The overlying skin in LALPS is usually normal, but may show erythematous changes or signs of discoid lupus (1). LALPS has a reversible clinical course without scarring, and the development of systemic lupus erythematosus (SLE) is a rare phenomenon; so far, there has been only 1 case of SLE in LALPS patient (7). Simultaneous involvement of other body sites is not common (9). Interestingly, our patient had multiple annular-shaped alopecic patches and 2 simultaneous annular cutaneous nodules on the distant left upper arm in similar geometric configurations, as well as positive antinuclear antibody results. Histopathological findings of LEP demonstrate hyaline fat necrosis, mucin deposition, and predominant lymphocytic infiltrates in fat lobules and perivascular and perifollicular regions (10, 11). When compared with typical LEP, LALPS is characterized by a relatively sparse inflammatory infiltrate, more abundant mucin in fat lobules, and higher degree of hyaline fat degeneration. Liquefaction degeneration at the basement membrane zone is also less frequent in LALPS than typical LEP. On immunofluorescent study, LALPS usually have negative findings, while typical LP have shown IgG and C3 deposition at the basement membrane zone or around blood vessels. Only one case of LALPS showed granular IgA, IgM, and C3 deposition in the peribulbar area (12). Major differential diagnoses for LALPS include alopecia areata, trichotillomania, traumatic alopecia, as well as early stages of primary cicatricial alopecia, such as lichen planopilaris and linear morphea. Other conditions, such as alopecia mucinosa and subcutaneous panniculitis-like T-cell lymphoma should be considered in the differential diagnosis (4). Non-invasive dermoscopy can facilitate the clinical diagnosis of LALPS and differentiate it from other types of alopecia. Dermoscopic examination of LALPS shows numerous vellus hairs with or without diffuse telangiectasia and follicular plugging representing epidermal changes; however, broken hairs typically seen in alopecia areata or trichotillomania, and loss of follicular opening (fibrotic white dots) observed in primary cicatricial alopecia are not found (11).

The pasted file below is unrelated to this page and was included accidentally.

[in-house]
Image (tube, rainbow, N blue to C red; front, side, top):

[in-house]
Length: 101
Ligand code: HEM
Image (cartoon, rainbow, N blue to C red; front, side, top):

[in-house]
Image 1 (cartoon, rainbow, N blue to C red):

Since LALPS has a low rate of progression to systemic disease and spares the upper segment of hair follicles, the prognosis of LALPS is promising using anti-malarial, dapsone, or topical/intralesional/oral corticosteroid treatments (2, 5, 9). However, recurrent cases were noted in 33% of LALPS patients after discontinuing therapy (2). In the present case, the patient was treated with oral hydroxychloroquine and topical corticosteroid, and regrowth of the terminal hairs was observed after a 12-week follow-up period.

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Supplementary content
Figure S1